I think the same thing will happen with privacy coins. You know, right now there is a fear of privacy coins: they think it’s scary, something from the darknet markets. And it is being used there, but as I remind everyone, so was Bitcoin. So, I think, the first knee-jerk reaction for exchanges and maybe governments is to ban it, but just like Bitcoin, if people want this, they want to use it. Let’s come up with a framework and a system where these types of currencies can be used, just the same that we saw our regulations with Bitcoin — rules and laws to make it acceptable by governments and the masses. I think we will see that happen with the privacy coins as well. 

And that leads to another question, I guess, since Bitcoin was first created as a peer-to-peer currency, but nobody is really doing that — there is buying, trading, or stashing it. That leaves room for an actual currency to be used, and I think a privacy coin like Monero is the best candidate for that actual point on a daily basis.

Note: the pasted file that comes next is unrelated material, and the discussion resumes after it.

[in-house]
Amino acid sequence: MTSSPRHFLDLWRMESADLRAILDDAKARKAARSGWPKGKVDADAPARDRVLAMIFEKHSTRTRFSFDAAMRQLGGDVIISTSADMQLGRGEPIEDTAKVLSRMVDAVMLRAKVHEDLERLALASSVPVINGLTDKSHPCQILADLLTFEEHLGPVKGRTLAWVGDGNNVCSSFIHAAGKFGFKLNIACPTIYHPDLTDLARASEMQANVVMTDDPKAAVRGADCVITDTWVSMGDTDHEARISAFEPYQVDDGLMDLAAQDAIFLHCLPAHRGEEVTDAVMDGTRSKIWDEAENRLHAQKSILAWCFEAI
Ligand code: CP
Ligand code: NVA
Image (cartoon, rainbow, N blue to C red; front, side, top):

PAULINE: But again, if we’re talking about a certain asset, if we’re talking about Monero, Monero has its mass adoption. We’ve seen that Bitcoin has been getting more and more tightly regulated, especially in the USA, because if you want — from the point of the legislative people, from the point of the law, — if you want something to be widespread, there has to be a certain set of rules that regulate it. And we’ve seen Bitcoin getting more and more tightly regulated from literally every legislative authority in the world, especially in the arena of the US — how do you think that ties into Monero mass adoption? Because we know Monero is a privacy coin — therefore it is fairly hard to regulate because you can’t really see what went where, who sent what.